2011 Svalbard polar bear attack

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On 5 August 2011, a starving polar bear in the Norwegian archipelago of Svalbard attacked a party of school children,[1] organised by the British Schools Exploring Society (BSES), who had camped near the Von Post glacier, some 25 miles (40 km) from the settlement of Longyearbyen.[2] The bear was reported as being starving and emaciated.[1]

The BSES party of eighty members had planned their trip to run from 23 July to 28 August – the trip was cut short after the incident.[3] BSES, a youth charity, was founded in 1932 by Surgeon Commander George Murray Levick, a member of Captain Scott's expedition of 1910–13.

Seventeen-year-old Horatio Chapple, a pupil of Eton College, was with a party of twelve at the time of the attack, and was killed by the bear.[4] Four others were hurt, two seriously, and all were flown to Tromsø on mainland Norway for treatment. Chapple's grandfather, Sir John Lyon Chapple, was formerly the president of BSES.[5]

The bear was shot dead by one of the expedition's leaders, Spike Reid, who himself suffered severe head and face injuries.[6]


Police later disclosed that the organisers of the expedition had a gun which failed to fire four times because it was in safe position and had not assigned a night watchman.[7] Leaders of such expeditions are advised that camps should be protected by at least two of the following: trip wires that detonate deterrent explosives, lookouts through the night or guard dogs; of those options, the camp used trip wires alone, but they failed to trigger.[7]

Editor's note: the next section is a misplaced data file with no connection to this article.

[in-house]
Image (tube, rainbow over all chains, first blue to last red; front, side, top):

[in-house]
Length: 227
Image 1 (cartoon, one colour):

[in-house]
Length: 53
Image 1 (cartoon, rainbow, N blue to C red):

The Sysselmann (local authority) requires a risk assessment for any camping trip such as this, which must then be approved by the Sysselmann.[8]

In September 2011, it was announced that a high court judge would chair an inquiry into the death.[9]

In March 2012, following an enquiry by Norwegian investigators, officials ruled that the attack could have been prevented if the expedition members had stayed in cabins instead of tents, had used guard-dogs and had deployed someone on polar bear watch. However, since none of these additional safety precautions were required by law, it was ruled that the expedition leaders would not face prosecution.[10][11]


  1. ^ a b "Bear that mauled British teen was starving". thestar.com. 7 August 2011. Retrieved 2 March 2012.
  2. ^ Matt Walker (5 August 2011). "Polar bear kills British boy in Arctic". BBC News. Retrieved 2 March 2012.
  3. ^ BSES website. Accessed 8 August 2011
  4. ^ Jeevan Vasagar (8 August 2011). "Polar bear attack investigation begins". The Guardian. Retrieved 2 March 2012.
  5. ^ "Family tribute to bear attack boy". Evening Standard (London). 5 August 2011. Retrieved 2 March 2012.
  6. ^ Harriet Alexander; Richard Gray; Adam Lushe (7 August 2011). "How Arctic leader shot dead killer polar bear". Daily Telegraph. Retrieved 2 March 2012.
  7. ^ a b James Orr; Richard Alleyne (7 August 2011). "Norway polar bear attack: failings that left Horatio Chapple at bear's mercy". Daily Telegraph. Retrieved 2 March 2012.
  8. ^ Governor of Svalbard "Notification and Insurance". 13 March 2008. Retrieved 2 March 2012.
  9. ^ "Judge to hold inquiry into fatal polar bear attack". BBC News. 10 September 2011. Retrieved 2 March 2012.
  10. ^ Ian Sparks; Lee Moran (3 February 2012). "Death of Eton schoolboy savaged by polar bear COULD have been prevented... but Arctic expedition leaders told they won't face criminal charges". Daily Mail. Retrieved 2 March 2012.
  11. ^ Richard Orange (2 March 2012). "Schoolboy polar bear death 'preventable' but tour leaders face no charges". Daily Telegraph. Telegraph. Retrieved 2 March 2012.

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